Now more than ever, teachers need to document their effectiveness as educators by tracking student progress. Tracking the right student data can help demonstrate student achievement as well as the proficiency of the teacher. These benchmarks are commonly referred to as Student Learning Objectives (or SLOs). Tracking SLOs helps show that your students are meeting standards and demonstrate your impact as a teacher.
Tracking SLOs typically follows a three-part form. First, students take a pre-assessment. Second, the teacher leads instructional segments. Finally, the students take a post-assessment to track their improvement over the course of the process.
Some teachers may have SLOs prescribed by their state or district. In my district, we needed to come up with some on our own. You should choose a unit of study that closely matches your current music curriculum. There may be a district, state, or national document that fits your needs and can help you choose an SLO that is broad enough to cover significant student achievements. Don’t use a daily or weekly instructional goal for an SLO.
For my first Music SLO, I chose to track student progress learning rhythmic notation through creating, performing, and responding to music. My music curriculum units are set up cyclically through several grade spans (K-2, 3-5 and 6-8). This makes it easy for me to track data over a long period of time and helps make sure that my curriculum is vertically aligned. This system also allows me to see where my students’ strengths and weaknesses are as a group and differentiate instruction as needed. These group progress goals set up the perfect environment for creating and tracking Music SLOs.
Planning Your SLO Process
Once you choose your Music SLO you will then need to set up a template to track both student progress and teacher impact.
- The first part should include a needs assessment and description of the student population. Here you will analyze what you know about the student group from the data and how you will address the needs of your students to achieve your Music SLO.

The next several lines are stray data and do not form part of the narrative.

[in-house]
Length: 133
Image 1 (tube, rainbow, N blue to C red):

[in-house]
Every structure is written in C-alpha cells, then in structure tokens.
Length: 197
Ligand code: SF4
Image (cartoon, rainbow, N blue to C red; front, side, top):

- The second part will link your SLO to Content Standards. Identify which standards your Music SLO will specifically target, as well as how they link to state and national standards.
- The third section is a description of your summative assessment. Here you will include the assessment that you plan to use to capture your student data and accommodations for students with special needs. This includes your pre-assessment and post-assessment.
- The fourth section states your growth targets. Determine what your expected student growth will be after teacher instruction. You generally want to see 75-80% of your student group to be able to achieve your growth target. Having a clear growth target will also help you show your impact on student learning. Make sure it’s measurable!
- The fifth section describes your Instructional Strategies. Include activities as well as learning strategies so that your daily work in class is clearly connected to your SLO.
- The sixth section is your monitoring progress plan. Describe what measurements of progress will help you keep student achievement on track for success. This is a great place to include formative assessments.
Over your interval of instruction (unit), you will need to keep a chart with all of your students’ pre-assessment scores, attendance, and post-assessment scores. Attendance is important to measuring teacher impact and excessive absence from instruction excludes those students from having to meet the growth target. In your final, report you will need to provide your administrator with the data and student growth for your Music SLO.
Getting Started Isn’t Hard
Music SLOs are a part of what you already do. It does not need to be complicated. Take a unit that you already know is successful and track your students accordingly. For example, in beginning band each year I track how long it takes students to become proficient at reading notation and playing the first five notes on their instruments. I can repeat this Music SLO every year because I always have a new group of beginner band students.
At our district music meetings, we collect and collaborate on our Music SLOs to determine targets that we would like all students to achieve at specific learning points. Common standards and units give us the opportunity to build district-wide assessments and Music SLOs. Use your own strengths to prove your impact as a teacher. All SLOs are performance-based and performance is what music teachers do – just record the data to show your success!